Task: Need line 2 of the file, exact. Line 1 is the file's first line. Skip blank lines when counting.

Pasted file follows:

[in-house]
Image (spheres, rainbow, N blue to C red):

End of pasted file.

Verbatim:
Image (spheres, rainbow, N blue to C red):